Sunday morning we packed everything up and planned to leave for Gubbio by 10 a.m. That was the plan. Needless to say, our last stop was a walk to Cousin Tullio’s home to say goodbye, and needless to say, that’s when the plan fell apart. 🙂 On the way over we ran into Cousin Tullio in the piazza. So we strolled together for one last walk back to his house and Marina. On the way he asked if we had been to the cemetery, which we had. “Making a visit” is important, even if it’s to your dead relatives. We weren’t able to find my great-grandfather’s grave, and that did not sit well with Cousin Tullio. (You know what’s coming next, right?) So he says, “You have a car, let’s go, and I’ll show you.” So Dennis and I quick stepped it back to the hotel to get the car and we met them in the piazza, and off we all go to visit the gang. Cousin Tullio gave us the grand tour. I don’t think there is anybody left in Alfedena that we haven’t visited. At least this visit didn’t involve cake and coffee.
We returned to town for our final goodbyes, which were filled with “anno prossimo” (next year). Saying goodbye to Cousin Tullio is always molto dificile (very difficult), so “anno prossimo” makes it a lot easier. And finally we were off, waiving like crazy as I drove away.
Off to Gubbio. The drive north along the Adriatic was easy and fun… until we got to Ancora where we had to leave the highway. Back on the county roads. Mr. GPS once again had his way and took us on the most back road passage we could imagine (it’s a wonder Dennis isn’t on Valium by now). The difference with this route was not the 100 foot drop on the side of the road, it was that the road was crumbling away, and you never were quite sure if it would give way while you were driving on it. Quite a trip to say the least. At some points I felt like we were going down people’s driveways. Not many pictures because Dennis was praying.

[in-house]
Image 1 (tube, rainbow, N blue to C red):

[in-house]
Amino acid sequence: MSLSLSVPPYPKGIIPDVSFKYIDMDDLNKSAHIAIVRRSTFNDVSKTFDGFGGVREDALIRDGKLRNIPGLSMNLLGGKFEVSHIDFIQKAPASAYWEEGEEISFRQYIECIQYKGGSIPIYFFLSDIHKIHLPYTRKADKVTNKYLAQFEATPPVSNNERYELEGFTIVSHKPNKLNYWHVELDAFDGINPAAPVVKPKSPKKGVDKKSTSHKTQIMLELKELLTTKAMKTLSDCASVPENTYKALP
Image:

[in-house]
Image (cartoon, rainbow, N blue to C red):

But, alas, we finally arrived in Gubbio, a medieval city set high on the hill. But there was a festival going on, so we had to park the car down in the city and walk up. (Hey, it’s Italy. You have to expect these things.) After the festival ended, the roads opened up, and the hotel staff drove us down to get the car and the luggage. If there is one thing you learn in Italy, it’s patience. Time for some wine. It was a long drive, and I deserve it. (Have another, Myra… OK.)